- Michael Smith Laboratories
- Department of Biochemistry and Molecular Biology, Assistant Professor
- Centre for Blood Research, Member
- School of Biomedical Engineering, Associate Member
- Genome Sciences and Technology (GSAT) Graduate Program
- Ph.D., University of Chicago Postdoctoral fellow, Massachusetts Institute of Technology
Understanding the dynamics of biochemical networks is important for understanding life at the systems level and has practical implications for Medicine, Engineering, Biology, and Chemistry. The complex network of hemostasis consists of over 100 coupled reactions and has the death-defying function of regulating blood coagulation. Research in my laboratory focuses on three problems related to blood coagulation:
- Understanding the biophysical mechanisms by which blood clots form and degrade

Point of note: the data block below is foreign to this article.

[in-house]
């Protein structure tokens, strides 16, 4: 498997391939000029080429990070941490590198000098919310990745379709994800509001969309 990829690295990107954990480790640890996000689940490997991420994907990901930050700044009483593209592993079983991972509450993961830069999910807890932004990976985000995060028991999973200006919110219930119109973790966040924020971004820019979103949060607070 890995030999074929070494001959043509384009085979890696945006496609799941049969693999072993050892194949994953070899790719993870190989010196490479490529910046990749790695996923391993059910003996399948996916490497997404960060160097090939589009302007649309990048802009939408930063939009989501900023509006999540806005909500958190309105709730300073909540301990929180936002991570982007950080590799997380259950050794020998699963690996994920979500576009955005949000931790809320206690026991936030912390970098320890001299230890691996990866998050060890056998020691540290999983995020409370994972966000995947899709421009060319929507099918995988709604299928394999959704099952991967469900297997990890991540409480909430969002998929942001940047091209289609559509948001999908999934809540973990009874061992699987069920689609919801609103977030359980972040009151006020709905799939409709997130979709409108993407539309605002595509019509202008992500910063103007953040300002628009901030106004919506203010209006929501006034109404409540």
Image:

- Controlling these processes to eliminate unwanted coagulation
- Using coagulation as a scaffold for delivering therapeutics to diseased vasculature
This research lies at the interface of Chemical Biology, Bioengineering and Medicine. The techniques we use include microfluidics, reconstituted protein systems, biomaterial synthesis, numerical simulations, and disease models of coagulation and atherosclerosis.
Lab Research Questions
- Does soil and dirt help prevent hemorrhage and heal wounds?
- Can platelets be engineered to enhance blood transfusions?
- Can silencing the mRNA of coagulation factors prevent heart attack and stroke?
Biochemistry, biotechnology, biological imaging, translation, biophysics, bioengineering, biomolecular engineering, enzymology, protein regulation, gene/cell therapy systems, cell delivery, microfluidics, biomaterials and biomechanics, drug delivery
To learn more about the Kastrup Lab, please visit kastruplab.msl.ubc.ca.